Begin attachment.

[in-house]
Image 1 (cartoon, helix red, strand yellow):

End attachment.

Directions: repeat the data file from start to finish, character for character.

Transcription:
[in-house]
Image 1 (cartoon, helix red, strand yellow):